Call of Duty: Modern Warfare’s photogrammetry captures gritty realism like never before
Call of Duty games have been known for pushing the edge of technology on the consoles and the PC. Call of Duty: Modern Warfare lives up to that tradition thanks to improved graphics technologies such as photogrammetry.
When Modern Warfare ships on October 25, it will feature a new game engine that delivers one of the most immersive and photorealistic experiences in a combat game, based on a preview I saw at Infinity Ward, the studio that is making the game and is the shepherd of the Modern Warfare franchise.
All of this in-game technology makes the game more gritty, intense, and emotional. And coupled with the content, it can inspire some very intense emotions. I found it to be quite horrifying.
It has a physically based material system, with modern photogrammetry. Objects in the game world look like they do in the real world, with reflections. I don’t know how good it will look on the older technology on the consoles, but on the PC, Modern Warfare will be able to take advantage of new graphics processing units (GPUs) like the Nvidia GeForce RTX family.
It has a new hybrid tile-based streaming system, new physically based rendering that models light better, world volumetric lighting, 4K HDR for better lighting, DirectX raytracing (on the PC) and a new GPU geometry pipeline. Principal rendering engineer Michal Drobot said that the engine can take all kinds of layers of materials, mesh them together, and make everything come out looking realistic.
It has spectral rendering that delivers thermal heat radiation and infrared identification for both thermal and night-vision in-game imaging.
The technical investment made provides a cutting-edge animation system and blend shape system, Activision said. The new suite of audio of tools allows for full Dolby Atmos support, on supported platforms, along with the latest in audio simulation effects.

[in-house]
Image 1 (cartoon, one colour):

Ghillie suits, or camouflage with grass hanging everywhere, looks a lot more realistic, studio art director Joel Emslie said.
Making a new kind of game
Infinity Ward coupled this technology with research on warfare, including consultations with U.S. Navy Seals. Emslie said that one of his artists was messing around with photogrammetry. It’s not new, but it has gotten good in the last two years based on the software you can run with it, Emslie said.
“It changes the way we build the game,” Emslie said.
Even the rocks look awesome, and the process is more automated than it has been in the past, thanks to things like real-time ray tracing. Something that once took six months can now be scanned in an afternoon and put in the game, he said.
With a feature dubbed “micro-tiling,” you can go up to a wall or another object and see lots of details. But when you move away, those details vanish and the processing required for it doesn’t tax the player’s machine.
Dead bodies now look far more realistic, partly because Infinity Ward scanned the bodies of its staff members who volunteered to lie on the ground. The team swept landscapes with drones, capturing the detail in three dimensions via drone cameras, and used them as the foundations for the landscapes in the games. The real landscapes blended seamlessly into the gamescapes.
The team used real actors to play roles such as Captain Price. Then they did face and body capture, using the full performance of the actors as characters in the game.
Sound and animations
The visceral nature of the combat applies to the sound and animations, too.
Animation director Mark Grigsby and audio director Stephen Miller said in a presentation that the sound of the guns will be more realistic. A weapon will sway in your hand when you are standing still. The reloads will be more visceral. When you eject spent bullets, the shell casings will bounce on the ground and make tinkering noises. A soldier’s walking and running speed will be more realistic.
If you are holding a light machine gun, it will be heavier and slow you down. If you are aiming down the site and you need to reload, you can keep your eye on the target and do the reload without dropping the gun away from the target. The game’s Navy Seals advisers told the developers that they keep their eyes on the target while reloading.
“We are moving toward realism,” Grigsby said. “The effect when the bullet travels and hits the target has been another thing we focused on.”
They showed us a scene in Picadilly Square in London, after a bomb goes off and the streets are deserted.
“Our gun is a character, and each character needs to have its own unique voice,” Miller said. Each gun sounds different. The team used 20 different microphones to capture the sound of every weapon being fired. If you fire inside a subway corridor, it sounds much different with echoes than if you are firing in open air. There are multiple audio engines, and you hear three distinct sounds at the point of impact of a bullet. Explosion sounds are also shallower or deeper, depending on the environment.
“As you are running around, you get different sound constantly, as it behaves with the geometry,” Miller said.